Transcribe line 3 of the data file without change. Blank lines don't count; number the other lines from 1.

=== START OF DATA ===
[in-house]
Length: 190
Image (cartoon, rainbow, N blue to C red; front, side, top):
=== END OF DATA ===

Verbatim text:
Image (cartoon, rainbow, N blue to C red; front, side, top):